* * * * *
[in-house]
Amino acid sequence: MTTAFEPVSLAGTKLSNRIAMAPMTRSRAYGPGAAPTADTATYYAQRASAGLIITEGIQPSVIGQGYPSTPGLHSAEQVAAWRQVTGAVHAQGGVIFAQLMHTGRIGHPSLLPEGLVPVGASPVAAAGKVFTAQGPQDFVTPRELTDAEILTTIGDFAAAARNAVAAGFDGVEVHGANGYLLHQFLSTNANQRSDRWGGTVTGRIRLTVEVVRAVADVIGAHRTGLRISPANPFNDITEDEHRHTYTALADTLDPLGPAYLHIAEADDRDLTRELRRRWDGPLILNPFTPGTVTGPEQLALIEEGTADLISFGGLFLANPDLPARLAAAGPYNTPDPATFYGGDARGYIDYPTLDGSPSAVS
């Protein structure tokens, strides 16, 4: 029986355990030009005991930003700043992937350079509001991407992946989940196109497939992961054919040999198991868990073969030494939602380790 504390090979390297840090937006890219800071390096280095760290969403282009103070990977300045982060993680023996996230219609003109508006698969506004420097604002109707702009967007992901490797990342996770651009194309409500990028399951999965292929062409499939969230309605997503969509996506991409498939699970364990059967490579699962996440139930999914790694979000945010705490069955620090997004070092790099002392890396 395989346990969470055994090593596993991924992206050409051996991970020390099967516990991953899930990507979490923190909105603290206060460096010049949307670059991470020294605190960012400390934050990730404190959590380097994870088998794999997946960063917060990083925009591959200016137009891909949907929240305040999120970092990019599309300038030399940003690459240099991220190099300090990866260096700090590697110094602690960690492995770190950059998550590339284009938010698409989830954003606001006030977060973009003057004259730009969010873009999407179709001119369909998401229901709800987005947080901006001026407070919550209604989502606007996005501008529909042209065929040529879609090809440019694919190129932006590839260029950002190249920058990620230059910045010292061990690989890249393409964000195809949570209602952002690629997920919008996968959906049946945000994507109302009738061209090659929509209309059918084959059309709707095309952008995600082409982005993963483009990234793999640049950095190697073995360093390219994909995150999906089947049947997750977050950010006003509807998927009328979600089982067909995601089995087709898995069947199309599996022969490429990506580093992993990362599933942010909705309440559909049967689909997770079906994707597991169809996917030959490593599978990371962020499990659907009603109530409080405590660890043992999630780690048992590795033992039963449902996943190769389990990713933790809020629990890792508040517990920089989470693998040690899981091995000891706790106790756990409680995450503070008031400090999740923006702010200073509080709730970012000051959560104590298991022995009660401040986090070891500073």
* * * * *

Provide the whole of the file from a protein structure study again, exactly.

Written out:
[in-house]
Amino acid sequence: MTTAFEPVSLAGTKLSNRIAMAPMTRSRAYGPGAAPTADTATYYAQRASAGLIITEGIQPSVIGQGYPSTPGLHSAEQVAAWRQVTGAVHAQGGVIFAQLMHTGRIGHPSLLPEGLVPVGASPVAAAGKVFTAQGPQDFVTPRELTDAEILTTIGDFAAAARNAVAAGFDGVEVHGANGYLLHQFLSTNANQRSDRWGGTVTGRIRLTVEVVRAVADVIGAHRTGLRISPANPFNDITEDEHRHTYTALADTLDPLGPAYLHIAEADDRDLTRELRRRWDGPLILNPFTPGTVTGPEQLALIEEGTADLISFGGLFLANPDLPARLAAAGPYNTPDPATFYGGDARGYIDYPTLDGSPSAVS
């Protein structure tokens, strides 16, 4: 029986355990030009005991930003700043992937350079509001991407992946989940196109497939992961054919040999198991868990073969030494939602380790 504390090979390297840090937006890219800071390096280095760290969403282009103070990977300045982060993680023996996230219609003109508006698969506004420097604002109707702009967007992901490797990342996770651009194309409500990028399951999965292929062409499939969230309605997503969509996506991409498939699970364990059967490579699962996440139930999914790694979000945010705490069955620090997004070092790099002392890396 395989346990969470055994090593596993991924992206050409051996991970020390099967516990991953899930990507979490923190909105603290206060460096010049949307670059991470020294605190960012400390934050990730404190959590380097994870088998794999997946960063917060990083925009591959200016137009891909949907929240305040999120970092990019599309300038030399940003690459240099991220190099300090990866260096700090590697110094602690960690492995770190950059998550590339284009938010698409989830954003606001006030977060973009003057004259730009969010873009999407179709001119369909998401229901709800987005947080901006001026407070919550209604989502606007996005501008529909042209065929040529879609090809440019694919190129932006590839260029950002190249920058990620230059910045010292061990690989890249393409964000195809949570209602952002690629997920919008996968959906049946945000994507109302009738061209090659929509209309059918084959059309709707095309952008995600082409982005993963483009990234793999640049950095190697073995360093390219994909995150999906089947049947997750977050950010006003509807998927009328979600089982067909995601089995087709898995069947199309599996022969490429990506580093992993990362599933942010909705309440559909049967689909997770079906994707597991169809996917030959490593599978990371962020499990659907009603109530409080405590660890043992999630780690048992590795033992039963449902996943190769389990990713933790809020629990890792508040517990920089989470693998040690899981091995000891706790106790756990409680995450503070008031400090999740923006702010200073509080709730970012000051959560104590298991022995009660401040986090070891500073």